All except for one of them. She didn't have a name, so I started calling her "Little Girl" (I know, super creative). Little Girl would come up to the fence with her mom to greet me. She would stare me down and sniff around me. She knew I had what she wanted: Food.
I would squat to get closer to Little Girl, and she would hesitantly come near me. But. The second I moved closer to her, she would turn and bolt, and her baby goat voice would yell, "MAAAAAAAAAAAA." She never did learn to drink from the bottle.
Track with me here: How many times have you done the same thing to God? He draws near and you know He has exactly what you need. You think you are ready to finally jump into that relationship with Him, fully surrendering. Then He makes one small movement and suddenly you are the Little Kid running away screaming.
Moving on to Momma Goats:
Wendy (left) and Juniper (right).
Here they are.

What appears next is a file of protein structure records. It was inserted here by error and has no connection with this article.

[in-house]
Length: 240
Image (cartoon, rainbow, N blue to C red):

Those little posers.
Wendy, Juniper, and I spent the most time together. One at a time they would come into the barn. I would lock their heads in, give them grain, brush their coats, wash their udders, and then milk them. As you can imagine, the three of us became pretty good friends.
Like any friends, we had our bad days. They would poop while I was milking them or they'd kick their feet and nearly tip my bucket. They always smelled bad, and they were quite impatient with me, especially at first.
Something crazy happened, though, as time went on. I truly began to care about these ladies. I wanted them to be clean and cared for. I wanted them to have plenty to eat and to stay dry and warm. I tended to their cuts and even pulled a thorn an inch deep out of Wendy's udder one morning. I gave them herbs and water. I often sang to them as I milked.